The Daily Gamecock

Poet, fiction author visits USC campus

Hollings University English professor shares stories from collection, advice on creative writing



Award-winning author Cathryn Hankla gave an intimate reading of her newest work “Fortune Teller Miracle Fish,” a collection of short stories written over a 20-year span, at USC Thursday. The reading was followed by a question-and-answer session where Hankla bestowed tips on writing and the publishing process to the audience. Her visit was sponsored by the College of Arts and Sciences, the Institute for Southern Studies, the master of fine arts (MFA) program and the women’s and gender studies program.

“We are really fortunate to have an author of her stature come here to speak to us,” Drucilla Barker, director of women’s and gender studies at USC said. “It’s really incredible.”

Hankla, a professor of English and the director of creative writing at Hollins University in Virginia, has written seven books of poetry and four fiction works, including two novels.

She selected to read “Outlaws” from “Fortune Teller Miracle Fish,” a story about a man with an unusual problem and the young woman he helps after she crashes her car into a cow. The unique story drew strings of laughter, surprise and eyebrow raises from the audience.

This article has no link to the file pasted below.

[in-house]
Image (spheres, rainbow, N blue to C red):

“I like to build up a stereotype, like [the main character in “Outlaws”] in the reader’s mind, and then tear it away piece by piece,” Hankla said with a smile.

The author focuses her writing around language more so than she does story or characters. She wants every sentence to be a good experience and values detail and illustration in writing from the first page.

After the reading, Hankla imparted some personal advice not just on writing but on life, which she believes go hand in hand. She thoroughly covered the topic of how to become a good writer and how she constructs her narratives. According to Hankla, the best writers are the ones who watch and listen in all situations.

“Writers are introverts who are completely happy standing against the wall in a crowd and watching,” Hankla said. “There’s no such thing as being bored.”

Continuing on the subject of writing, Hankla said she is concerned by the egocentrism of people in today’s society. The need to constantly be heard causes problems, she said, and people should stop to hear what the world has to tell them. In her mind, people should confront and come to peace with themselves first before taking on the world and take advantage of their present situations, whether positive or negative.

“Whatever life gives you, as a writer, you can turn it into a great story,” Hankla said. “You have to learn from experience. Just accept what you’re doing and see what you can make happen.”